Are you working from home while your kids are kept home from school? Here are a few key tips from team members and parents at Doist for getting work done and prioritizing family time.
While managers often worry that their remote employees will slack off, studies show that people put in more hours working from home, not less. It’s no wonder that 18% of remote workers say that “not being able to unplug” is their biggest struggle. Our editor Becky Kane shares a 7-step “workday shutdown” ritual that will help you fully disconnect at the end of the day, be present with your loved ones in the evening, and set your Future Self up for success the next morning.
Proving the concrete value of your work in the “knowledge economy” is hard enough as it is. Add to that the fact that your boss now can’t even see you at work, how do you demonstrate the value of what you’re accomplishing at home in a concrete way? Jeremey Duvall, a customer success engineer at the remote company Automattic, shares a step-by-step guide on how to make sure your contributions are recognized even if they’re hard to measure and especially if you’re working remotely.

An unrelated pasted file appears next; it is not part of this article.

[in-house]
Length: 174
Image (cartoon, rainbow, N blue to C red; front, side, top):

Remote office workers share 13 upgrades to help maintain maximum comfort and efficiency while working at home, including comfortable seating, healthy natural light exposure, and a yoga mat for stretching.
Our CTO at Doist Gonçalo has put together the minimum steps individual remote employees should take to safeguard their company’s data (not to mention your own personal data) when working remotely.
Best Practices for Teams
Here are some of our blog articles and guides to educate teams about the benefits and drawbacks of remote work, and help you figure out the right technology, project management strategies, culture, and more to create a successful remote workplace.